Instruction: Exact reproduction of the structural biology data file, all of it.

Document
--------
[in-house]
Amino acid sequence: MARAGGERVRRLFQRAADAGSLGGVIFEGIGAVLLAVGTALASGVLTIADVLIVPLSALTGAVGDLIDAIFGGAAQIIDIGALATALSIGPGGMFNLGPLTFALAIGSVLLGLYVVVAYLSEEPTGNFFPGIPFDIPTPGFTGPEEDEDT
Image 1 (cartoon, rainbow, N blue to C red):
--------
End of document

[in-house]
Amino acid sequence: MARAGGERVRRLFQRAADAGSLGGVIFEGIGAVLLAVGTALASGVLTIADVLIVPLSALTGAVGDLIDAIFGGAAQIIDIGALATALSIGPGGMFNLGPLTFALAIGSVLLGLYVVVAYLSEEPTGNFFPGIPFDIPTPGFTGPEEDEDT
Image 1 (cartoon, rainbow, N blue to C red):